Bilderberg Meeting: Why The Elite Summit Has Attracted Global Leaders Since 1954

on June 07 2013 9:32 PM
2013 Bilderberg Group
Leaders of Europe and North America will debate some of the biggest issues facing society during the 2013 Bilderberg Group summit in England this weekend. Reuters

Locked away from the focus of television cameras and the glare of the public eye, leaders of Europe and North America are discussing society’s greatest issues at the annual Bilderberg Group gathering this weekend. The meeting of some of the world’s best-known -- and richest -- minds brings together politicians, academics, bankers and industrial leaders from both continents. 
 
This Bilderberg Group summit is the first to be conducted in Great Britain in 14 years, and about 140 people were invited to attend the elite conference, according to the Independent of London. The event is being held at the Grove Hotel, a luxury resort near Watford that has been transformed into a fortified oasis for some of the world’s most powerful people.
 
Armed checkpoints have been set up around the hotel and a high fence placed around the “exclusion zone” of the property, the Telegraph reported. Some have claimed the security operation could cost British taxpayers as much as £2 million ($3.05 million) or more, the Daily Mail said.
 
Founded in 1954, the Bilderberg Group has described its annual conference as “a forum for informal, off-the-record discussions about megatrends and the major issues facing the world.” Its initial goal was to forge ties between leaders of Western Europe and the U.S., as noted by the Telegraph. Its first meeting was held at the Bilderberg Hotel in the Netherlands where attendees discussed the Communist threat and the possibility of European integration. 
 
The annual meetings are shrouded in secrecy. Little is known about what happens during them because no minutes are kept, no resolutions are considered and no votes are taken. The group has said it is looking only to serve as a conversation mill for leaders seeking solutions to the greatest problems facing the world. In terms of format, debates take place with all delegates seated together in one large room, the Telegraph said.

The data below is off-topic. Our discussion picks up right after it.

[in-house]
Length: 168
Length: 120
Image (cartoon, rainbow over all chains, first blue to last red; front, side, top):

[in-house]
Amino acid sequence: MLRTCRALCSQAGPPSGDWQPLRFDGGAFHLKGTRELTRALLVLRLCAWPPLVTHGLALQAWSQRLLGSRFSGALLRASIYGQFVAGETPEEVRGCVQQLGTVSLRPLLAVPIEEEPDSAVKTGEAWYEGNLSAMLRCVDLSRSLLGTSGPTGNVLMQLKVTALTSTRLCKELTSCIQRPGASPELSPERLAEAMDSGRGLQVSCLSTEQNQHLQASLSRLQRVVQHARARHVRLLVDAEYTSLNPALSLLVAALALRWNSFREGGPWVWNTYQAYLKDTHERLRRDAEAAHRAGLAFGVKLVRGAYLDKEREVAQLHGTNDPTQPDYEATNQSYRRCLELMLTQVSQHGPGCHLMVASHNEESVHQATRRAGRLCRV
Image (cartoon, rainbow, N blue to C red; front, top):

This year’s attendees include Henry Kissinger, the former U.S. secretary of state; Christine Lagarde, the managing director of the International Monetary Fund; and Peter Thiel, the co-founder and former CEO of PayPal. Britsh Prime Minister David Cameron will also be at the event: His decision to attend has led to great scrutiny in the U.K., with some commentators indicating his participation in the closely guarded summit conflicts with his previous statements about leading a more open, transparent government.
 
Several demonstrators appeared outside the conference venue this week, pushing conspiracy theories about the meeting and the lack of information known about its true purpose. “If our politicians want to be wined and dined in luxury for three days with Goldman Sachs, that seems to me a little bit like lobbying,” Hannah Borno, a journalist and transparency campaigner, told the Telegraph. Borno has requested that minutes of the meeting be published.  
 
For its part, the Bilderberg Group has said it has no special agenda in mind, except for its summiteers to discuss the issues that are plaguing society while they are free to “listen, reflect and gather insights” away from the expectations and pressures associated with their roles in society and to “foster dialogue between Europe and North America.”

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